Original Article

Bone Marrow Transplantation (2015) 50, 1445–1452; doi:10.1038/bmt.2015.173; published online 27 July 2015

Transplant Toxicities

Predicting survival using clinical risk scores and non-HLA immunogenetics

Y Balavarca1,14, K Pearce2, J Norden2, M Collin2, G Jackson3, E Holler4, R Dressel5, H-J Kolb6, H Greinix7, G Socie8, A Toubert9, V Rocha10, E Gluckman10, I Hromadnikova11, P Sedlacek12, D Wolff4, U Holtick13, A Dickinson2,15 and H Bickeböller1,15

  1. 1Department of Genetic Epidemiology, University Medical Center, Göttingen, Germany
  2. 2Department of Haematological Sciences, Institute of Cellular Medicine, Medical School, Newcastle University, Newcastle upon Tyne, UK
  3. 3Northern Centre for Cancer Care, Newcastle upon Tyne Hospitals NHS Foundation Trust, Newcastle upon Tyne, UK
  4. 4Department of Hematology and Oncology, University of Regensburg, Regensburg, Germany
  5. 5Department of Cellular and Molecular Immunology, University Medical Center, Göttingen, Germany
  6. 6Department of Haematology and Oncology, Klinikum Grosshadern, Medical Klinik III, Munich, Germany
  7. 7Department of Haematology, Division of Haematology, Medical University of Graz, Graz, Austria
  8. 8Department of Haematology, Immunology and Oncology, AP-HP, Saint Louis Hospital, Hematology Transplantation, Paris, France
  9. 9Departement d′Immunologie, Université Paris Diderot, INSERM UMRS-940, AP-HP, Paris, France
  10. 10Department of Bone Marrow Transplantation, EUROCORD, St Louis Hospital, Paris, France
  11. 11Department of Molecular Biology and Cell Pathology, Third Faculty of Medicine, Charles University, Prague, Czech Republic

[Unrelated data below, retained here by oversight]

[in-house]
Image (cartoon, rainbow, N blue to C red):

12. 12Department of Pediatric Hematology and Oncology, Second Faculty of Medicine, Charles University, Prague, Czech Republic
  13. 13Department I of Internal Medicine, University of Cologne, Cologne, Germany

Correspondence: Dr K Pearce, Department of Haematological Sciences, Institute of Cellular Medicine, William Leech Building, Medical School, Newcastle University, Framlington Place, Newcastle upon Tyne NE2 4HH, UK. E-mail: Kim.Pearce@ncl.ac.uk

14Current address: Department of Preventive Oncology, National Center for Tumour Diseases and German Cancer Research Center, Heidelberg, Germany.

15These authors contributed equally to this work.

Received 18 November 2014; Revised 16 June 2015; Accepted 18 June 2015
Advance online publication 27 July 2015

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Abstract

Previous studies of non-histocompatibility leukocyte antigen (HLA) gene single-nucleotide polymorphisms (SNPs) on subgroups of patients undergoing allogeneic haematopoietic stem cell transplantation (HSCT) revealed an association with transplant outcome. This study further evaluated the association of non-HLA polymorphisms with overall survival in a cohort of 762 HSCT patients using data on 26 polymorphisms in 16 non-HLA genes. When viewed in addition to an already established clinical risk score (EBMT-score), three polymorphisms: rs8177374 in the gene for MyD88-adapter-like (MAL; P=0.026), rs9340799 in the oestrogen receptor gene (ESR; P=0.003) and rs1800795 in interleukin-6 (IL-6; P=0.007) were found to be associated with reduced overall survival, whereas the haplo-genotype (ACC/ACC) in IL-10 was protective (P=0.02). The addition of these non-HLA polymorphisms in a Cox regression model alongside the EBMT-score improved discrimination between risk groups and increased the level of prediction compared with the EBMT-score alone (gain in prediction capability for EBMT-genetic-score 10.8%). Results also demonstrated how changes in clinical practice through time have altered the effects of non-HLA analysis. The study illustrates the significance of non-HLA genotyping prior to HSCT and the importance of further investigation into non-HLA gene polymorphisms in risk prediction.